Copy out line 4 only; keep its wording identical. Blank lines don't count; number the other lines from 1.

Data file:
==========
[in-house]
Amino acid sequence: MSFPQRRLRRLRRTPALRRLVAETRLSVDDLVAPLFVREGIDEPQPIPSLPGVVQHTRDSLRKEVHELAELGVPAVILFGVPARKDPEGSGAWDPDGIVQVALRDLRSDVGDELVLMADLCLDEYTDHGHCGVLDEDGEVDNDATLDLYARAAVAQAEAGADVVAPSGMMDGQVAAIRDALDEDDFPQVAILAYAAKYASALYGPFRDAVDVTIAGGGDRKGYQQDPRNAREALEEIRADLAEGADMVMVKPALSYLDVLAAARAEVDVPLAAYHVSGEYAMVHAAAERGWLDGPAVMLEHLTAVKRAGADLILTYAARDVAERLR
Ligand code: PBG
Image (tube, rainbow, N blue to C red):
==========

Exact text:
Image (tube, rainbow, N blue to C red):